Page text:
NPD analyst sees steep cost in move away from carbohydrates
November 1, 2011
by Editorial Staff
COLORADO SPRINGS, COLO. — While overall consumption of grain-based foods held steady in the 1990s, the segment has lost ground this century, equaling billions and billions of lost servings, said Darren Seifer, a food and beverage analyst with The NPD Group, Inc., New York.
Mr. Seifer spoke Oct. 7 at the annual meeting of the North American Millers’ Association at the Broadmoor.
Distinguishing NPD’s work from organizations that provide scanner data, Mr. Seifer said, as an example, scanners describe how much oatmeal sells from stores while NPD finds out how much oatmeal is used for cookies rather than as hot cereal.
Looking at bread consumption over time, Mr. Seifer said grain consumption was steady in the 1990s, though bread saw a decline because of diminished use for toast at breakfast.
Back to grains overall, he said the category’s “share of stomach” ended the 1990s at about 21%.
He credited Robert Atkins, “with his clear and simple message,” for the volatility in consumption patterns in the 2000s. He also credited Dr. Atkins with bringing whole grains to the forefront and creating a distinction between “good carbs and bad carbs” (not only with reference to grains).
“Making things simpler for consumers is what they want,” Mr. Seifer said. “Consumers have their daily lives, they have their kids, they have their worries. So when we have these complex terms and make them simple, they latch on.
“Atkins said there are good things and bad things. It is more complicated than that.”
Mr. Seifer said cereal experienced a brief drop with Atkins, and bread continued its decline throughout the decade.
“Overall, grain-based foods lost a couple percentage points of stomach share,” Mr. Seifer said. “It may not seem like so much, but when you consider there are 3 to 4 times a day people eat, and there are 300 million Americans, there are a billion meals eaten every day. A couple percentage points is billions and billions of servings over time. It’s a big deal.”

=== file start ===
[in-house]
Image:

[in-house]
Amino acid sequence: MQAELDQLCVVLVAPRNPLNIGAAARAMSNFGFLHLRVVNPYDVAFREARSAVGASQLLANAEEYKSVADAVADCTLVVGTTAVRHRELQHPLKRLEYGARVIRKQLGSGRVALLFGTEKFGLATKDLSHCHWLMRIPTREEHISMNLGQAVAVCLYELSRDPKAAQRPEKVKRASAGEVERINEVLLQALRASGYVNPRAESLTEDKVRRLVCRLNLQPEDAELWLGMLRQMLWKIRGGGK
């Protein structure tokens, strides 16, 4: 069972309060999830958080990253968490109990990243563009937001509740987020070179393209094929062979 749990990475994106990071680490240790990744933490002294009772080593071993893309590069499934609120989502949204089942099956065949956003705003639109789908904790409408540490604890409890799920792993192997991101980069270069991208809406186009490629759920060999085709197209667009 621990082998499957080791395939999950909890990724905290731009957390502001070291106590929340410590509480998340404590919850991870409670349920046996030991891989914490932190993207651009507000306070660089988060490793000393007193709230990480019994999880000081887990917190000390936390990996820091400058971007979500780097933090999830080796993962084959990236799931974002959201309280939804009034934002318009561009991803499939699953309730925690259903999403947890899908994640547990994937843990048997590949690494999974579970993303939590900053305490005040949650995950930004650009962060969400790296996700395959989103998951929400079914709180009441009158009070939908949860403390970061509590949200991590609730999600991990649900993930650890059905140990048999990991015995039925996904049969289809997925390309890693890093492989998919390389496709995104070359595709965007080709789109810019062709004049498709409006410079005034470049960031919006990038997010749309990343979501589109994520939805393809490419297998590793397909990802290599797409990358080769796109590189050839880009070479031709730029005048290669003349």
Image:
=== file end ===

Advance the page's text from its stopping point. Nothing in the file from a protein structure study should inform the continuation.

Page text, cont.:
Much of Mr. Seifer’s presentation was spent looking at the distinction between trends and fads, and evaluating into which box grain-based foods developments of recent years belong.
“What we find across the years, is that anything that asks you to be restrictive, cut out sodium, cholesterol, or fat, they don’t last very long because they ask you to stop doing something,” he said. “Carbs are in that as well. Cutting out sugar, you have alternatives. You could put yellow or pink packet in your coffee, but you’re still having coffee.”
NPD data indicate 64% of adults are trying to eat whole grains, Mr. Seifer said.
“It’s not restrictive, it’s the opposite,” he said.
Noting that demand for whole grains has been growing steadily for
five years, Mr. Seifer said it appears to be a mainstay of the diet rather than a fad. By contrast, low-carbohydrate dieting made a big splash and then “fell off the map,” he said.
“Less than 1% of products are marked as low carb,” he said. “That’s done.”
Less certain is whether gluten-free dieting could be characterized as a fad or a trend, Mr. Seifer said.
“It hit the scene more recently,” he said. “About a quarter of adults are saying they want to cut out or reduce gluten. It hit the scene recently and is getting a lot of splash, a lot of buzz. An article this week in the New York Post called it the city’s new psychosis — gluten.”
Mr. Seifer said that while sentiments in New York do not always represent the entire United States, he said the estimate of 25% of the population showing wariness of gluten is a national survey, not New York alone.
The interest has resulted in an “explosion” of gluten-free items on restaurant menus and in grocery stores, he added, noting only about 1% of the population actually suffers from Celiac disease.
“It’s almost like gluten has become enemy No. 1, even though most people don’t have to worry about it in their lives,” he said.
Turning to concerns about the economy, Mr. Seifer said consumer packaged foods increasingly are taking differing tacks for “haves and have nots.”
He noted that Procter & Gamble is taking a two-tiered approach to its product lines.
He suggested grain-based foods companies need to communicate better with lower income households about the “healthful affordability” of their products.